Understanding The Impact Of Defensive SEO
- May 16 , 2023
- 9 min read
Ever considered how strategizing an SEO campaign could be akin to a photographer gearing up for a photoshoot? It’s a fitting comparison. Photographers scrutinize their subjects, survey locations, employ the correct equipment, and devise meticulous plans to ensure all elements harmonize perfectly. Their ultimate aim is to snap the ideal picture and narrate the story in the most enthralling manner. After all, striking images are crucial to attracting an audience, aren’t they?
These principles are equally applicable to search engine optimization (SEO). Identifying your target audience, performing keyword research, crafting high-quality content, and optimizing your website are tasks that necessitate meticulous planning. Understanding the right techniques and deploying them strategically is the secret sauce to attaining triumphant results from your SEO agency.
However, SEO doesn’t stop there as search engine algorithms continually evolve, making it a dynamic win-lose situation. According to a study, Google ranks a website using more than 200 factors. Your organic traffic could take a big hit from a single update if you fail to keep up with the latest trends. That said, an extra layer of defense or preventative action is your best solution to minimize the risk of dropping off from the search engine results pages (SERPs).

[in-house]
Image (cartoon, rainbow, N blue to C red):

Preventive is more or less the same as defensive SEO. It’s a proactive approach that ensures your website is ready to face the ever-changing search engine landscape. The goal is to combat penalties, withstand algorithm updates, and be prepared for other potential risks before they hurt your ranking performance. If ‘all bases belong to you’ you win the game.
Here are some preventive and defensive SEO tactics to avoid these negative consequences.
1. Refine and use relevant keywords
Have you ever searched for something online and found yourself lost in a sea of irrelevant search results? Sifting through pages that don’t match what you’re looking for can be frustrating and time-consuming.
The same thing goes for search engine spiders, which need to determine whether a website is worth showing in the SERPs. Think of this, over 9 billion searches are done daily. If you don’t use the right keywords, your website won’t get noticed. That’s why it’s important to use relevant phrases or words that match the user intent. Aside from relevancy, you must also consider the following:
- Search volume
- Competition level
- Keyword difficulty
These factors can help you target the right audience and maximize your SEO effort. Remember to monitor your keyword performance over time and make adjustments when necessary. Use tools like Ahrefs keyword tool or Google keyword planner to find the best outcomes for your website.